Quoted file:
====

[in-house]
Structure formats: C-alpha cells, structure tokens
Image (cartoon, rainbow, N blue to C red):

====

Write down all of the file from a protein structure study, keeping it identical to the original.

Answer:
[in-house]
Structure formats: C-alpha cells, structure tokens
Image (cartoon, rainbow, N blue to C red):